Study: SAT might predict life satisfaction

February 23, 2006

A Vanderbilt University study suggests the SAT -- a test many students take prior to college admission -- might be able to predict a person's success in life.

High school juniors and seniors across the nation in January took their SATs. The Vanderbilt research suggests the test may go far beyond predicting college success -- if taken during a person's early teens, it might foretell a person's post-college success and life satisfaction.

The study found high SAT scores at young ages can reveal individuals who have cognitive and creative potential for future success in such occupations as medicine, engineering and higher education.

The researchers say their study provides evidence that students who score in the top 0.01 percentile of their age group on the SAT before age 13 are more likely than a comparison group of graduate students to achieve a medical degree, earn an annual salary of at least $100,000, or secure a tenure-track position in a top-50 ranked institution.

The findings are reported in the March issue of Psychological Science.

Copyright 2006 by United Press International

Explore further: RetailNext CEO Alexei Agratchev on using data to drive in-store sales

Related Stories

Standardized tests not always best indicator of success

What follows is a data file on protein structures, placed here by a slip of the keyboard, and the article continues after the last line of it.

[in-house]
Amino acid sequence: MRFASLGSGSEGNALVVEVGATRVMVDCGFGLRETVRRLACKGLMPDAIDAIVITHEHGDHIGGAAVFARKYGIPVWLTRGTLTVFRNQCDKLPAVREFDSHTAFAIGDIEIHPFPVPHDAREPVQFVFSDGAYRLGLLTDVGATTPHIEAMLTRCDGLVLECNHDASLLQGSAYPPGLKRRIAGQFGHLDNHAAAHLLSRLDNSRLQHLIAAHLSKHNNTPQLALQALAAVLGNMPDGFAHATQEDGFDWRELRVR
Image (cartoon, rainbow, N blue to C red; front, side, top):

August 24, 2010

( -- Standardized tests such as the SAT and ACT have long been used in college admissions to sort through thousands of applications. Whether or not such tests accurately assess a student’s ability to succeed ...

Not ready for SAT? Teen's Web site may be the answer

March 20, 2009

In the week leading to the most recent SAT college-admission exam, some 600 students logged on to the INeed APencil Web site. There, they reviewed lessons, quizzed themselves on grammar and quadratic equations and even took ...

March Madness brings September students

August 23, 2012

(—A new study examines the impact that college sports success has in drawing prospective students. A pair of economists show how much of a bump follows a stellar season (up to 10 percent) and what types of prospective ...

Recommended for you


Please sign in to add a comment. Registration is free, and takes less than a minute. Read more

Click here to reset your password.
Sign in to get notified via email when new comments are made.